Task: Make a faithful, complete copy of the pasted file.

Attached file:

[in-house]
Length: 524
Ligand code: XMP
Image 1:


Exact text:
[in-house]
Length: 524
Ligand code: XMP
Image 1: